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Charitable trusts provide tax advantages

Posted online

by Bill Garton

for the Business Journal

Some things simply go together, like milk and cookies, baseball and summer, success and taxes .... was it just me, or does that last combination bring your blood to a boil and kill the tranquility of the moment? It is a fact that if we are successful in business, taxes will follow.

We also might as well face it: You may not currently feel motivated toward charitable giving, but if you pay taxes you are a philanthropist albeit, an involuntary philanthropist.

"Whoa Nellie," you say. "I am in control of my own destiny and financial future." If that is the case, why are so few people taking advantage of one of the greatest "gifts" business owners and individuals of medium to high net worth are given?

Yes, it just so happens we are all giving to that "big charity in the east," called Washington. If you are in business or are someone of high net worth and feel that estate planning isn't necessary because we all should pay our fair share, rest assured you will pay dearly!

On the other hand, if you feel your life's work means something, and that every dollar potentially has a lasting impact on our society, or you simply don't trust Washington to decide which causes are best or ethically correct, or if you understand that the tax code allows for strategies to diminish or control where your money goes, then you might want to read on.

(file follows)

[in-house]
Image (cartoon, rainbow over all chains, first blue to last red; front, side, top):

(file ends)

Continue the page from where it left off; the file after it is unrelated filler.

The law allows for you to control where your money goes, even after death, through the use of charitable trusts and other estate-planning techniques. Yet many miss the opportunity to avoid substantial estate and capital gains taxes due to lack of knowledge of these valuable tools.

Charitable giving for many individuals is driven by moral or religious convictions. For others it may be a way to pay back a debt they feel they owe society or an organization. For the savvy individual or business owner, using charitable techniques simply makes good financial sense and potentially will save hundreds of thousands, possibly millions, of dollars in estate or capital gains taxes.

Any business owner considering the transfer or sale of a closely held business, or the individual considering the sale of highly appreciated real estate, stocks or other assets would be well served to explore the possibilities of charitable trusts.

In most instances, the subsequent gift and sale through the charitable trust will provide the donor with more money than an outright sale. This occurs through the preferred status that a charitable trust enjoys, which is that it doesn't pay capital gains taxes.

The gift itself will generate a current deduction, amounting to income flow to the donor. The proceeds of the sale of the business, real estate or highly appreciated asset will be available to provide income to the donor. If the donor doesn't need the income, then it could be used for the benefit of others or for the benefit of the charity. Remember the charity must eventually get something from the trust.